As I’ve mentioned previously, I’ll soon be starting the first new job I’ve had in 11 years. I’m conscious that I’ve probably been spoiled by having built many of the systems and processes in use at my soon-to-be former employer, so that I might lack the perspective of what a newcomer to our organization faces. With that in mind, here are some items I’ll endeavor to keep in mind during the first few weeks and beyond at new company.
Speak up and ask questions. I need to make sure I understand what I’m meant to understand at certain points in time. Of course I won’t know everything in the first week or month, but if I’m expected to deliver on something, I need to ensure I fully understand the assignment, or else ask questions (at the risk of making myself look silly) until I do.
I don’t have to prove myself. I’ve been an IT professional for x years, the resume looks good, I passed the phone interview, I passed the on-site interviews, and now I’m sitting here in the HQ of my new employer. Be confident of my skills, add my unique insights where possible, but don’t feel as if I have to hit one out of the park in the first week. I tend to be methodical and reasoned in my decision-making, so this hasn’t been an issue in the past. And remember: Never compare your weaknesses to other people’s strengths. Each person has something to bring to the table.
I have peers now. One of the challenges at my BT job was that I was sort of a team of one. I was the primary guy for network changes within the Managed Service, which included a firewall cluster, and a handful of routers and switches. BT never provided any networking training so I was mostly self-taught on those. That’s fine, but I missed the opportunity to learn about best practices or even bounce ideas off of other people, instead being stuck with what I could scrounge up on Google, StackExchange, and the like. Now that there’s a team of people I’m working with (plus a generous training allowance from the company), I expect learning to kick into overdrive.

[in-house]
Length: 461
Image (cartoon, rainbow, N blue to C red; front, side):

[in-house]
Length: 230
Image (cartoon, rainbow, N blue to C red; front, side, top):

Find the balance. When I started with my previous company, I was 28 years old and single. Long hours were the norm, and my schedule didn’t need to be coordinated with anyone. Now I’m older, with a wife and two young children. I’m still planning on long hours, but they’ll need to be mapped around family dinners, school events, and sick kids. Plus, there’s a fitness center and personal trainer at my new work. For my mental and physical state, it’s imperative I establish a consistent workout schedule.
Push myself. This consolidates the points above. It’s time to push my career into overdrive. I’ve earned a tremendous opportunity, and my family has been willing to upend their lives in order to help me realize it. I don’t want to let them down, and I don’t want to let myself down. I need to ensure that I’m delivering to my full potential every day, while at the same time pushing my potential further. I don’t mind working hard and putting in long hours, as long as we’re all moving the ball down the field.
Two other final thoughts before I wrap up.
Go where you’re celebrated, not where you’re tolerated. –Unknown
Instead of wondering where your next vacation is, maybe you ought to set up a life you don’t need to escape from. –Seth Godin